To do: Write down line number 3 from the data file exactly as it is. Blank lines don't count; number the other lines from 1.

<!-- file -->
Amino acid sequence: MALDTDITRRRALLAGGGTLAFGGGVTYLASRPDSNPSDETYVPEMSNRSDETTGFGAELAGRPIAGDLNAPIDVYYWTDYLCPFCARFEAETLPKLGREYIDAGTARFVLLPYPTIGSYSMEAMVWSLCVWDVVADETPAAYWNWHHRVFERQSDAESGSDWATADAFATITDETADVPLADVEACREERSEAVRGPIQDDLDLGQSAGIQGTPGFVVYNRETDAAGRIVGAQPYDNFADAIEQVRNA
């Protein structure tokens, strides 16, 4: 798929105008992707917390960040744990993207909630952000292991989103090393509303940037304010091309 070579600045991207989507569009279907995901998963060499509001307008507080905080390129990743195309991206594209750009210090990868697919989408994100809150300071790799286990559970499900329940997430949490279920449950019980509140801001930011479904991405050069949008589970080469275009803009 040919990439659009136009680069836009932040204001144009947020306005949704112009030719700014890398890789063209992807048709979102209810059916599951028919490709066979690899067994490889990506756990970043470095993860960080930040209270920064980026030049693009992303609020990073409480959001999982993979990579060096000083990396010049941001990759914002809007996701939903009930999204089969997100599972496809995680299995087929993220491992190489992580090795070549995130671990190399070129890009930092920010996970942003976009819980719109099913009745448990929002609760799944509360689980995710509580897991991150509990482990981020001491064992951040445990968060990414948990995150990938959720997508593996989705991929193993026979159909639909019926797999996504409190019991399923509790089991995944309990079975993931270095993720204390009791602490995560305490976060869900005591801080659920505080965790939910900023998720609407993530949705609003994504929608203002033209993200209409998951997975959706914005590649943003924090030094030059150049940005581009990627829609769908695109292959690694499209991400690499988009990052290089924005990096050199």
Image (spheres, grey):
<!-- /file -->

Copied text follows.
Image (spheres, grey):